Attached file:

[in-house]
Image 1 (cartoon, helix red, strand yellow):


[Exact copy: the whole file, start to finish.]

[in-house]
Image 1 (cartoon, helix red, strand yellow):